- The Washington Times - Monday, January 20, 2003

The world's oceans may not be as large as scientists thought for the purposes of reining in global warming.
A paper published in the Jan. 10 issue of the journal Science suggests that climate models could be overestimating by as much as 60 percent the amount of carbon dioxide the oceans can absorb.
Because the ocean is a large "carbon sink," it processes much of the carbon released into Earth's atmosphere. But if the absorption, or "uptake," of carbon dioxide is less than estimated, global climate change could be approaching a lot faster and be hotter than anticipated.
Modeling the climate is a complex and difficult task. Few of the variables stand still long enough for scientists to get a clear shot.
Critics point to those shifting variables to deny global warming or to argue against counteracting its effects, but mathematical models right now are the only means of prediction.
Ben McNeil, a postdoctoral research associate at Princeton University who conducted the ocean research, said, "The only way we have of looking into the future is via models, and those models need validating. Now we have a measurement of ocean uptake of carbon dioxide, and we can compare it with the models."
Based on the data he and his associates have collected, the models "are currently overestimating the ocean's ability to take up excess carbon from the atmosphere. If they are overestimating that, they are probably underestimating the levels in the atmosphere," he said.
Unless the carbon is absorbed by some other portion of the biosphere, the planet's climate may heat up faster than models predict.
Rik Manninkhof, an oceanographer with the National Oceanic and Atmospheric Administration's oceanographic and meteorological laboratory in Miami, said oceans are believed to take up one-third of the human-caused carbon dioxide. "If that figure is low, the atmospheric CO2 could be higher in the future," he said. "We believe that CO2 increases temperature, so we'll get faster temperature rise."
Mr. Manninkhof is quick to point out, though, that the result is not inevitable. Other factors could intervene. A warmer atmosphere could increase biological activity in the oceans support more plankton, for instance which could increase carbon uptake. Another part of the biosphere also could have increased uptake.
"If you consider a warming scenario, the ocean's ability to take up carbon will change. You would think it would become less able," said Keith Lindsay, a scientist and climate modeler for the National Center for Atmospheric Research in Boulder, Colo.
Mr. Lindsay noted that warm water holds less carbon than cold water. "And another one of the predictions is that the ocean becomes more stratified, temperaturewise," he said. "There is less mixing. The portion that can absorb carbon is shallower because the deeper ocean becomes inaccessible to the atmosphere."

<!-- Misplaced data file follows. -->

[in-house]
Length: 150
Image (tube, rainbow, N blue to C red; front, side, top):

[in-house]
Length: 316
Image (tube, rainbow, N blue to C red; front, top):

However, he added, increased biological activity could absorb more carbon, then take it to the depths. "That's one pathway to export carbon to the deep ocean sometimes referred to as the 'biological pump,'" he said.
The McNeil study in Science used an analogy to examine ocean carbon uptake. The researchers looked at how well the ocean absorbs chlorofluorocarbons (CFCs), gases that for many years acted as propellants for everything from deodorants to furniture waxes. CFCs were banned because they were destroying the planet's fragile ozone layer, the first line of defense against harmful solar radiation.
One problem with measuring carbon uptake directly is that carbon dioxide exists in the ocean naturally but receives a contribution from industrial and human sources. CFCs do not exist naturally in the ocean. They were first produced in the 1940s and have entered the oceans only since then.
CFCs and carbon dioxide are different, but comparison of computer models with true observations indicates the analogy works well. "We have quite a bit of confidence in the technique," Mr. McNeil said.
In the past, ocean uptake of carbon dioxide was estimated using observations of how well the isotope carbon-14 was absorbed.
Carbon-14, which is radioactive, was produced by atmospheric atomic bomb tests in the 1940s and 1950s.
"They followed the penetration of carbon-14 into the oceans and got the original estimates," said Mr. Manninkhof at NOAA. "By some creative methods [they also have] measured the anthropogenic CO2 since the industrial revolution."
Mr. Manninkhof said the McNeil study, although intelligent and important, is not definitive. "I would be a bit cautious," he said. "There are some caveats for their method."
The main caveat is the analogy. Carbon dioxide started to increase in the late 1700s with the onset of industry. It increased dramatically with the success of the era. CFCs were developed in World War II, "so by the time the CFCs had started increasing, half the CO2 was already there. So they have to make some creative assumptions about that particular time period. They also have to assume that the ocean is in a steady state. And they acknowledge that they don't get the biological component."
The oceans have a large influence on climate, and climate has a large influence on the oceans, but the dynamic is poorly understood.
For example, different portions of the oceans behave differently. "One of the least understood," said Mr. Lindsay of NCAR, "is the southern ocean." That's a lot of water.
Climate models contain many uncertainties but do give warnings. Critics say it makes no sense to take large economic risks based on these uncertainties but rarely point out that their economic models are no more reliable.
Mr. Manninkhof said, "We're a bit skeptical about how much science drives policy, but we hope our research is taken into account."


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